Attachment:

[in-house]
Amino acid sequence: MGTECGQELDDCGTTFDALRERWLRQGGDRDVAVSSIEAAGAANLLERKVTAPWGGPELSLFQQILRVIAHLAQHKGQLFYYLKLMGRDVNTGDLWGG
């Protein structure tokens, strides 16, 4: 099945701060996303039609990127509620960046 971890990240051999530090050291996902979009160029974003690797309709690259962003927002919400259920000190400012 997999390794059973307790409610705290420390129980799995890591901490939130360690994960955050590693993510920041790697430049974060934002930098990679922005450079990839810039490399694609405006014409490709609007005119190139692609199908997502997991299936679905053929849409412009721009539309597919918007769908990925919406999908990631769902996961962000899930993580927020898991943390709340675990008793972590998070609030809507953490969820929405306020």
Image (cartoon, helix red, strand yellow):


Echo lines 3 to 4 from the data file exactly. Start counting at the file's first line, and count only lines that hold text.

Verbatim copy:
């Protein structure tokens, strides 16, 4: 099945701060996303039609990127509620960046 971890990240051999530090050291996902979009160029974003690797309709690259962003927002919400259920000190400012 997999390794059973307790409610705290420390129980799995890591901490939130360690994960955050590693993510920041790697430049974060934002930098990679922005450079990839810039490399694609405006014409490709609007005119190139692609199908997502997991299936679905053929849409412009721009539309597919918007769908990925919406999908990631769902996961962000899930993580927020898991943390709340675990008793972590998070609030809507953490969820929405306020």
Image (cartoon, helix red, strand yellow):